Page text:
electromagnet controller

I need to build a device that will move a nail hanging from a string. I will use an electromagnet like this at a distance 5-10cm from the hanging nail and I want to create a swinging motion to the nail.

I was thinking to use a mosfet like this to turn on and off the electromagnet. I see that electromagnets are connected with a flyback diode in parallel and that mosfet module seems to have a diode on board.
How quickly am I allowed to turn on and off the electromagnet with the mosfet to be protected from voltage spikes? (for example 2-3 times per second is fine?)
Will I be able to use PWM with the mosfet and have a variable intensity field instead of turning it on and off?
Should I use a solid state relay instead?

rojoiko:
I need to build a device that will move a nail hanging from a string. I will use an electromagnet like this at a distance 5-10cm from the hanging nail and I want to create a swinging motion to the nail.

I was thinking to use a mosfet like this to turn on and off the electromagnet. I see that electromagnets are connected with a flyback diode in parallel and that mosfet module seems to have a diode on board.
How quickly am I allowed to turn on and off the electromagnet with the mosfet to be protected from voltage spikes? (for example 2-3 times per second is fine?)
Will I be able to use PWM with the mosfet and have a variable intensity field instead of turning it on and off?
Should I use a solid state relay instead?

The first step is to determine if holding your electromagnet 5-10cm from the nail ans then connecting the 12 volts to the electromagnet will move your nail the way you want.

If that work the way you want, then you must measure the current drawn by the magnet when it is connected to the 12 volts. That way you can know how much current a mosfet must handle.

Next select a mosfet that will handle the current and then some and be turned completely on by less than 5 volts.

Now you are ready to connect things to your Arduino and try to control the mosfet with a digital pin. Be sure the grounds are all connected.

The inductance of the electromagnet determines how fast you can turn the magnet on and off.

And yes, you need the diode across the electromagnet.

Paul

That’s completely the wrong geometry of magnet to act at a distance.

You need a long straight cored electromagnet to have a large extent of magnetic field, 3 or 4 inches long will
have a reasonable range of action. And you probably won’t need anything like 8 watts to do the job.

That MOSFET module has nothing to indicate its logic-level, so don’t get it, get one that’s definitely logic level.
Also there’s no schematic so its not clear at all that it has a free-wheel diode.

What if I decrease the distance to 2-3cm? Will it work? I haven't used electromagnets before.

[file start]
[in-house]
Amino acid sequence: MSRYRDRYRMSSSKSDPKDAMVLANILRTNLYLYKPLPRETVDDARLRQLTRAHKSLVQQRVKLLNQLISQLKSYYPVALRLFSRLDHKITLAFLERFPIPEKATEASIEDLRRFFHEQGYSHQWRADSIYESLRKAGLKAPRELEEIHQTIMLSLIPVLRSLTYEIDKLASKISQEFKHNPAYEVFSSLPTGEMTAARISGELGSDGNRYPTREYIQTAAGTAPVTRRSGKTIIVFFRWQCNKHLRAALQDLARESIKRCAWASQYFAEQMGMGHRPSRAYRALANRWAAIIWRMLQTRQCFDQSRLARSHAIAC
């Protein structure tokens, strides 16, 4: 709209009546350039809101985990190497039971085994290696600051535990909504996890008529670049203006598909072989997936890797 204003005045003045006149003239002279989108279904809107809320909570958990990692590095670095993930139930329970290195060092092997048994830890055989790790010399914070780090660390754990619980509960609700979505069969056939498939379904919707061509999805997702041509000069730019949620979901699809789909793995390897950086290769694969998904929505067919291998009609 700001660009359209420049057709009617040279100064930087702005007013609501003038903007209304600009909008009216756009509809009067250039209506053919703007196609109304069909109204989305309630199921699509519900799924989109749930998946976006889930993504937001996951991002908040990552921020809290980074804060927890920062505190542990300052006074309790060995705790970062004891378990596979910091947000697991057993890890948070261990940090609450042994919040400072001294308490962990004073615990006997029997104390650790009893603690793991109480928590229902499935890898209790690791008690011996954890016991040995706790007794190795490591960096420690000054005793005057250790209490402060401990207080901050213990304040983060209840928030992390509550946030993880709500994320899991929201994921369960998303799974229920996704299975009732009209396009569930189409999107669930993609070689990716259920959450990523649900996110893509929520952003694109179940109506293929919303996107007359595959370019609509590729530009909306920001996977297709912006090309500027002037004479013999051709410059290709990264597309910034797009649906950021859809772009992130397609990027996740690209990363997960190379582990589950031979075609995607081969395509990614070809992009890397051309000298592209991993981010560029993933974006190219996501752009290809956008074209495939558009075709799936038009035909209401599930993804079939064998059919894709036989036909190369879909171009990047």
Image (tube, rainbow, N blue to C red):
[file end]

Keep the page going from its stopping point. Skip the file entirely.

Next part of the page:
The mosfet is not logic level but it looks like there is an optocoupler on board so it used the optocoupler with logic level signal to turn on and off (that's my guess...) I will also add a diode in parallel on the mosfet module terminals to be sure that there is a flyback diode on the electromagnet.
Is it safe to use PWM on the arduino to drive the electromagnet's MOSFET?

rojoiko:
What if I decrease the distance to 2-3cm? Will it work? I haven't used electromagnets before.
The mosfet is not logic level but it looks like there is an optocoupler on board so it used the optocoupler with logic level signal to turn on and off (that's my guess...) I will also add a diode in parallel on the mosfet module terminals to be sure that there is a flyback diode on the electromagnet.
Is it safe to use PWM on the arduino to drive the electromagnet's MOSFET?

QUITE BEING SO SILLY!!! Just hook the magnet to the power and try it.

Paul

Gets even more interesting if that “nail” was a magnet..

Slumpert:
Gets even more interesting if that “nail” was a magnet..

And it soon will be if the OP ever gets brave enough to try something.

Paul

I tried it with the MOSFET module (from the 1st post) and it seems to work fine. I can control the intensity of the field with PWM and the result is visible. It works only at 1-2cm but that's not a big issue.

When I use PWM to control it I can hear a buzz from the electromagnet. It's not buzzing when it gets full power. Is this normal? Could this cause any problem?

rojoiko:
I tried it with the MOSFET module (from the 1st post) and it seems to work fine. I can control the intensity of the field with PWM and the result is visible. It works only at 1-2cm but that's not a big issue.

When I use PWM to control it I can hear a buzz from the electromagnet. It's not buzzing when it gets full power. Is this normal? Could this cause any problem?

So, up to this point, you were just wasting time, yours and ours.

The electromagnet buzzes because the windings of copper wire inside the magnet are not tightly held in position by epoxy or other potting compound, so they move a bit each time the PWM pulse of current occurs. If the turns move enough and over time, one will wear away the insulation on the wire and will either break or will begin to short wire turns together.

Paul